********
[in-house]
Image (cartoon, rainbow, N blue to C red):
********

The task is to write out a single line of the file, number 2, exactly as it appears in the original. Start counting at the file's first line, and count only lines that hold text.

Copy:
Image (cartoon, rainbow, N blue to C red):